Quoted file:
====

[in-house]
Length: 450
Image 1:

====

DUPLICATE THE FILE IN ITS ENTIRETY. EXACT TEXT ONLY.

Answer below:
[in-house]
Length: 450
Image 1: